Texas school administrator’s comments on Holocaust spark public outcry
“It’s almost like a joke, what would be an opposing view of the Holocaust?” a teacher at the Carroll Independent School District in Southlake, Texas, where the comment was made, told CNN’s Ed Lavandera. The teacher did not want to be identified for fear of reprisal.
Gina Peddy, the district’s executive director of programs and education, can be heard using the Holocaust as an example of a historic event that would require the presentation of opposing views. At the time, she was advising elementary teachers how to follow the district’s new guidelines for auditing books after teachers expressed frustration and confusion over the new law affecting the curriculum.
Critics argue that the law is not only confusing for teachers, but also has an impact on teachers’ ability to responsibly educate American children about historical events.
“This was the anti-Semitic and systematic murder of 6 million Jews and there is no legitimate view ‘against’ it,” said Joel Schwitzer, regional director of the American Jewish Committee, Dallas.
âWhen I listened to the audio what I heard was an administrator who was desperately trying to figure out how to operate in this environment with no clear indication of what can be considered a controversial topic,â he added. . “This law will have a chilling effect on schools, administrators and teachers and that is what we see here.”
“There are not two sides to the Holocaust”
The Carroll ISD teacher who spoke to CNN said fear, ignorance and racism are the driving forces behind the pressure to control how certain historical events are taught in classrooms.
“We’re not being asked to have opposing views on colonization, we’re not being asked to have opposing views on Christopher Columbus or Thanksgiving,” the teacher said.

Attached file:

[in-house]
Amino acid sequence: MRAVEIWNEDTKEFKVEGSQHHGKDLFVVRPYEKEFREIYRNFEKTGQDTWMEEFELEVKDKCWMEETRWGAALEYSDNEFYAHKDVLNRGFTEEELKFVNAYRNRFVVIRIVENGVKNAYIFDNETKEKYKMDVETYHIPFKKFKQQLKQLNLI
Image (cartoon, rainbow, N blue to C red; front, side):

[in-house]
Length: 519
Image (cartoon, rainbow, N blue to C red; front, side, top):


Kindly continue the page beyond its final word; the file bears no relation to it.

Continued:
“We are asked to have opposing views on only certain things and that is really where the problem lies.”
When asked what teachers were asked to have opposing views on, the teacher replied, “Civil rights movement, Holocaust, civil war, slavery, women’s rights.”
The debate even put the lives of educators in danger, added the teacher.
“Teachers are actively receiving threats if they speak out at this point, to destroy their lives, to come and get their license, to attack their families,” said the teacher. “We are starting to feel like children of divorce, as if these two camps are arguing and we are becoming collateral damage.”
He noted that while the law does not specifically address books in teachers’ classrooms or specifically require that a teacher give equal weight to perspectives that deny the Holocaust, he said the law is sufficiently ambiguous to “encourage this kind of reaction”.
Some parents are also concerned about the impact of HB3979 on their children’s education and communities.
“It’s very sad the situation we find ourselves in right now,” said Lavandera Russell Maryland, a Southlake resident and father of three who attended schools in the city.
“The world is changing. The city is changing. And unfortunately, you have a bunch of people in this city who are afraid of change. And what are the fearful doing? Instill fear.”
Maryland, a former Dallas Cowboys defensive lineman, has spent the past three years working with other parents to develop a diversity program for the city’s schools.
âIt’s happening, it’s happening here in our community as a warning to everyone,â Maryland said. “If you don’t get up now, then this ignorance is happening to a town near you.”
As for views “opposed” to the Holocaust, Anti-Defamation League vice-president Oren Segal told CNN New Day that it was outright anti-Semitism.
“The idea that opposing views on the Holocaust would seem legitimate to anyone perhaps is a sign of the times,” Segal said. “It’s anti-Semitism, it’s Holocaust denial, and that’s what drives extremists. There are not two sides to this issue, there are not two sides to it. the Holocaust.”
CNN’s Ashley Killough and Ed Lavandera contributed to this report.